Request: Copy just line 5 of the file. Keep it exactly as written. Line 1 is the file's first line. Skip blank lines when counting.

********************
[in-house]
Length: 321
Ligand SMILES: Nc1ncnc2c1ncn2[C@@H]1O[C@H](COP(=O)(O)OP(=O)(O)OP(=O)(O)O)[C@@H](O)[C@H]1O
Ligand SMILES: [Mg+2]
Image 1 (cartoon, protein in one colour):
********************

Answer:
Image 1 (cartoon, protein in one colour):